Chapter 26 Classification of Knee Dislocations
The concept of a dislocated knee has changed markedly over the past few decades. In 1971, Meyers and Harvey10 predicted that most orthopaedists would not see more than one knee dislocation in their entire career. However, evidence indicates that knee dislocations are being seen with increasing frequency for a variety of reasons. Increasing trauma, changes in automotive design, and recognition of spontaneously reduced knee dislocations have all added to the increased incidence. The increasing number of knee dislocations has created the need for a classification system that will help guide the management of these complex injuries. Classification systems should be simple and reproducible; they should give information to the clinician that will be helpful in making treatment decisions and aid in the communication of like injuries as well as in developing prognoses for injuries. This chapter reviews the shortcomings of the older classification systems of knee dislocations and presents the anatomic classification system that is simple, accurate, reproducible, and useful.18–20,28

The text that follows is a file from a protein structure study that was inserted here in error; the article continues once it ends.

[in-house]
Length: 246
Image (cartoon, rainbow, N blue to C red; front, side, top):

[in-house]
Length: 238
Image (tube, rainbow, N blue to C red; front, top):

Classically, a knee dislocation was defined as greater than 100% displacement of the tibiofemoral articulation. This displacement had to be present on either physical examination or radiographic imaging. Since the 1990s, several authors have recognized the existence of “reduced” knee dislocations. These are knees that present to the treating physician reduced but have multiple injured ligaments (usually including both cruciates) and gross instability on stress testing. Some of these injuries represent a spontaneous reduction of a knee dislocation, and others are dislocated knees that are reduced in the field before transport to a medical facility. The incidence of this type of reduced knee dislocation may be as high as 50% of all knee injuries classified as a dislocation.3,28,32 A study from our institution showed that the incidence of vascular injury in the reduced dislocations was equal to that of knees that presented dislocated (Fig. 26-1).32 In general, more recent studies have shown that the risk of arterial injury is approximately 7% to 12% with a diagnosis of a dislocated knee.26 Clinicians must be alert to the presence of reduced dislocations in order not to miss a limb-threatening arterial injury, as shown in Figure 26-1. A multiligament-injured knee with gross instability must be treated the same as a knee that presents dislocated.